Ammonia Cars May Clean Up Highway Smog
May 25, 2010 - Hydro Kevin - hydrogencarsnow.com
When one thinks of ammonia, the first thing that comes to mind is the foul smell. But, ammonia is also used as a household cleaning product and automotive researchers are convinced that ammonia-powered cars will help clean the environment as zero or near zero emissions vehicles.
Ammonia cars come in two varieties including those that reform the ammonia (NH3) into hydrogen and run it through a fuel cell to produce electricity and those that use an ammonia solution to run through an internal combustion engine (ICE).
The Hydrogen Engine Center in Algona, Iowa has developed its Oxx Power 4.9 liter, 6-cylinder ICE engine that runs on anhydrous ammonia. The only byproducts of burning ammonia this way is water vapor and nitrous oxide in trace amounts.
Alternative automaker Zap and Apollo Energy Systems have team up to develop an ammonia car that runs off a fuel cell. This ammonia car uses an Ammonia Cracker (reformer) and liquid ammonia to power the vehicle with zero emissions. Apollo Energy Systems has also developed an alkaline fuel cell, which it believes is more efficient and less costly that typical PEM fuel cells already on the market.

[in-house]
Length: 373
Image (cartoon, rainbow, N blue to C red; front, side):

Ammonia or NH3 is made up of 75-percent hydrogen and 25-percent nitrogen. Nitrogen is the most abundant element in the air we breathe at around 78-percent (and about 21-percent is oxygen).
Ammonia is one of the most prevalent chemicals on this planet as it is used for the farm and refrigeration industries. Ammonia can also be produced renewably from farm crops and the waste from farm animals.
By powering cars with liquid ammonia, we would solve a key infrastructure problem inherent with using gaseous hydrogen to power cars. Liquid ammonia could be distributed and stored in a manner similar to gasoline.
The next time you take a whiff of ammonia, just think that in the near future, cars may be using this odorous chemical compound to clean the environment. The sweet smell of zero emissions won’t be that hard to take, now will it?